How to Fast-Track MISRA Compliance of Automatically Generated Code

By Ram Cherukuri

Code generation greatly simplifies the MISRA compliance process. The key objectives of coding standards (such as MISRA) are readability, maintainability, and portability, in addition to ensuring safety and reliability. Because the models are at the core of the development process and code can be generated from the model in a consistent manner for different platforms, it simplifies the portability and maintainability pieces.

Hence, there is a smaller subset of rules in the context of code generation, such as MISRA AC AGC or as part of the new MISRA C:2012 coding rules. In order to generate code that is MISRA compliant, you need to make sure certain modeling patterns are not violated and configure code generation options appropriately.

The below link provides information on generating MISRA compliant code with MathWorks Embedded Coder:

Similarly, for dSPACE TargetLink, you can refer to the following link:

But in most real world applications, you will end up with certain violations that you need to address through the deviation process, as recommended by MISRA. Some of these might be a result of the design decisions.

You can run the analysis on the generated code either manually or as part of your build system. You can then address any violations by adding comments into the code or saving them separately with your results. You can perform the same tasks with Polyspace tools but what if there was a more efficient way? How many engineering hours are potentially wasted in repeating the review of say 100 violations if you have to regenerate the code?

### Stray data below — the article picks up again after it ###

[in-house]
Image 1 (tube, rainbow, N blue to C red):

Benefit of integration with tools for Model-Based Design

The key benefit of such an integration would be to make this deviation process efficient. By adding justifications at the model level, you can avoid rework every time you generate code, either after an update or for a different target platform. You can continue to maintain your models as the center of your design and the justifications are automatically propagated to the Polyspace analysis; this is due to integration with automatic coders such as Embedded Coder and TargetLink.

Left shift operation is a MISRA violation but is a design choice for efficient code. Further, it has no side effects and is proven safe. It can be traced back to the gain block that can be annotated.

In the example above, it was a design choice to generate code that uses bitwise shift operations instead of multiplication for greater efficiency. Below, you can see the options that Embedded Coder provides to enable or disable these settings. Embedded Coder further provides Code Generation Advisor to guide the process either for efficiency or compliance to MISRA.

Code generation options to configure the use of shift operations as discussed in the example above.

In addition, Polyspace automatically configures the subset of rules applicable in the context of code generation. For example, in the case of MISRA C:2012 ,certain rules are reclassified if you are generating code, and the Polyspace MISRA checker imports this information when launched from the code generation environment.

Example of the settings that are imported from the code generation environment.

In fact, you can automate the execution of Polyspace as a post-processing step after code generation to assess that a code component is MISRA compliant before it is checked into your source code management system. For example, you can select the single-unit subset of rules that can be analyzed and addressed locally. The traceability back to the model helps you address these violations directly within the model. Last but not least, you can generate detailed MISRA reports to document the level of compliance.

For more information regarding MISRA compliance using Polyspace tools, refer to the links below:

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